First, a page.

KimPossible's picture
Joined: 05/24/06
Posts: 3312

"Alissa_Sal" wrote:

Am I the only one who thinks that having the ability to work from home as needed (since it noted that she will be working from home) is a great improvement in the work/life balance for working moms? I don't care when she goes back to work (and I agree that being the CEO of Yahoo means that she has to be a very dedicated and hardworking individual anyway), I'm happy for her that she can do if from home. Hire a nanny, hang out with kiddo in between calls. Not a bad way to do it.

I work from home, from a motherhood standpoint i don't see it as a great advantage. Work time is work time and with the kids home its difficult. I still had to choose to send the younger ones to daycare and my older three have a sitter for the summer. I find that trying to get them to understand it is work time for me is very hard, even with the sitter. Its natural for them to want to come and ask questions or tell me things throughout the day. Its hard for them to understand that me hanging out with them on my terms during work is different than them coming to me on their terms...and I feel like a jerk turning them away. I have often tried to tell them they have to think of it like I'm not here and I'm in an office like Daddy is. I appreciate the working from home for other reasons though, as it gave me the ability to move to Maine, and i can really work from anywhere if need be.

What i will tell you is fantastic from a working parent perspective is the flexible schedule. I get out at 2:30 every day and make up the extra time in the evening one or two nights a week. Its given me the ability to sign my kids up for after school activities that i couldn't take them to otherwise. Its a blessing and a curse because i find myself feeling like i should work more often than i probably need too, only because it is possible to work any hour of the day. But its more of a blessing than not.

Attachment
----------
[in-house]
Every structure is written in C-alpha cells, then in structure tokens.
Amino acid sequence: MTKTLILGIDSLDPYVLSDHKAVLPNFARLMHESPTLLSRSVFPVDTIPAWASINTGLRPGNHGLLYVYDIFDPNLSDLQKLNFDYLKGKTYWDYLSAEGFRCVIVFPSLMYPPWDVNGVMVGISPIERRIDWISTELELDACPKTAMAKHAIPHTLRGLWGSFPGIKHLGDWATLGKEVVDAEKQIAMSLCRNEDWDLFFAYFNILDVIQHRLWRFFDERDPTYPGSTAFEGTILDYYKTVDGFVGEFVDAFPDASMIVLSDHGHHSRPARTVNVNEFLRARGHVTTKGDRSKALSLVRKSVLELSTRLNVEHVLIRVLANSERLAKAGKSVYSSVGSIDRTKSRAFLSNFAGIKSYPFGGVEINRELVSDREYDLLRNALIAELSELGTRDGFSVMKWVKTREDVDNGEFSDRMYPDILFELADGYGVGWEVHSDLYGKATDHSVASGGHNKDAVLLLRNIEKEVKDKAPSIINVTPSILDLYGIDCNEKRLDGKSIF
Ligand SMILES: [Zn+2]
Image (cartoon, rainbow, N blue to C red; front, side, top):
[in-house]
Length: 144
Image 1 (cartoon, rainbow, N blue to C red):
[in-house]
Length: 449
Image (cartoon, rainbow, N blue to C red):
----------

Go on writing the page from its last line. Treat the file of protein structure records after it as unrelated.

I really do love the idea of a flexible schedule for those careers it actually is feasible for. If i don't want to miss an important event, i don't have to worry so much about being gone in the AM and making up the time later. I love having so much control over how i balance my work and home life, instead of someone telling me i need to be there between 8 and 5.

ETA: I will agree that to have the ability to work from home on occasion, when its needed is great. Many of my co-workers take advantage of this. If their child is home sick from school for a day, they can work from home, if the weather is really bad or there is a snow day, they can work from home. While you can't be quite as productive with the kids home while working, my office is very understanding of it happening once in a while as long as you are responsible about getting your stuff done.

Alissa_Sal's picture
Joined: 06/29/06
Posts: 6427

Kim, I agree that when you work from home your children still need childcare (particularly if you are going to do it every day instead of just every once in a while when they're sick) and that a flexible schedule is a huge blessing to working parents. I guess I just feel like, in terms of being around, at least working from home would probably still allow her to breastfeed and whatnot. Even if someone like a nanny is providing the bulk of the care, I always pictured working from home involving a bit more interaction with the child during the day than if you're actually physically separated from them. That could be an idealized picture though, since I only get to work from home a couple of days a month.

Joined: 03/08/03
Posts: 3187

I don't think you can be a CEO and effectively work from home, though. That job doesn't lend itself to being away from the office. If the company allowed it a good solution would be having an empty office next door with a nanny and the baby, so she could nurse, visit, etc., but it also might make things weird at the office.

KimPossible's picture
Joined: 05/24/06
Posts: 3312

Yeah i just think when we start thinking of interacting with our children during work it becomes problematic. Obviously I'm very pro life/work balance but anything that involves mixing the two simultaneously i think ultimately doesn't work very well. When you are doing both at once....even if you are doing one of them only a little bit, you aren't doing either as well as you could be.